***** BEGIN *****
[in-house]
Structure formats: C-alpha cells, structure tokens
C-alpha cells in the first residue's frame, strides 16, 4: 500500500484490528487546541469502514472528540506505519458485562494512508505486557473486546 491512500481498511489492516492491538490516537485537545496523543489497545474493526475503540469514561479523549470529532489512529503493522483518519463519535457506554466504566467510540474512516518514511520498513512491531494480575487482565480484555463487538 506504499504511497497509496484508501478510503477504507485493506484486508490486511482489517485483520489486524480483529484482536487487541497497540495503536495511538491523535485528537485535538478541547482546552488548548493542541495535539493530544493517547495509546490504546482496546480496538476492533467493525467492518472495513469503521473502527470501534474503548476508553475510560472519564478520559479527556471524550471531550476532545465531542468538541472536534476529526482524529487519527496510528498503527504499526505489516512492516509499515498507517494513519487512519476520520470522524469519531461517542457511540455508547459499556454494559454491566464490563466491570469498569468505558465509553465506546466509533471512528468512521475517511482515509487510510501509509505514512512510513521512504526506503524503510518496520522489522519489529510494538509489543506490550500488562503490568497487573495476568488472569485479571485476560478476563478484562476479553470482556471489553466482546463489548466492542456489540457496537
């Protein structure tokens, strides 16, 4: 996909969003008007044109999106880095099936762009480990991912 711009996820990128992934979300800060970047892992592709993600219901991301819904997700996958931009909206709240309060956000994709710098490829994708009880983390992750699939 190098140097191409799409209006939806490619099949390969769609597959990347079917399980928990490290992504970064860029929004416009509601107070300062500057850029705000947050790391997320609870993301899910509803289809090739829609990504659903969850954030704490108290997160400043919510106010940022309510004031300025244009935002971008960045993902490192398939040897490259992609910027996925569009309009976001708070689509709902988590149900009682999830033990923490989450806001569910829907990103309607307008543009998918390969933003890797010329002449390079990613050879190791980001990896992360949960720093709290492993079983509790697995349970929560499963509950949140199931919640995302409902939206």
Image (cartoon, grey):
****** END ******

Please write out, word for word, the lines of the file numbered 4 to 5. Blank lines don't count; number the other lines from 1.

């Protein structure tokens, strides 16, 4: 996909969003008007044109999106880095099936762009480990991912 711009996820990128992934979300800060970047892992592709993600219901991301819904997700996958931009909206709240309060956000994709710098490829994708009880983390992750699939 190098140097191409799409209006939806490619099949390969769609597959990347079917399980928990490290992504970064860029929004416009509601107070300062500057850029705000947050790391997320609870993301899910509803289809090739829609990504659903969850954030704490108290997160400043919510106010940022309510004031300025244009935002971008960045993902490192398939040897490259992609910027996925569009309009976001708070689509709902988590149900009682999830033990923490989450806001569910829907990103309607307008543009998918390969933003890797010329002449390079990613050879190791980001990896992360949960720093709290492993079983509790697995349970929560499963509950949140199931919640995302409902939206």
Image (cartoon, grey):